Sibling carers are being failed by social services, according to a report by the Family Rights Group.
Older siblings are often overlooked by local authorities as potential carers due to their young age, the report said, and many who do look after a brother or sister often do not receive the support and benefits that other carers do.
Cathy Ashley, chief executive of the Family Rights Group (FRG), said: “Too often we’re failing those who most need our help, with the research study citing example after example of social care services making these young people’s situation so much harder than it need have been rather than giving them the support they so desperately need.
“We very much hope this report is a wake up call to local authorities and to government.”
The report made a number of recommendations to the national government and local authorities, including a suggested amendment to the Children’s Act that would define any child being looked after by a family member as a child in need.
The government should also consider the introduction of a national financial allowance for family and friends carers who raise a child where there is professional or judicial evidence that the parents are unable to do so, the report said.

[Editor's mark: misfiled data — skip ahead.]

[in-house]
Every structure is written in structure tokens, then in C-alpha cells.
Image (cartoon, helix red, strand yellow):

The FRG have also proposed that the benefits system acknowledge the specific situation of sibling carers, including acknowledgement that for a period of at least a year, they may be unable to seek work due to caring responsibilities.
Local authorities also needed to be clear with sibling carers about their legal status and that of the child they looked after. This should include according them the status of foster carer and foster child where the local authority has played a major role in arranging the placement, the report said.
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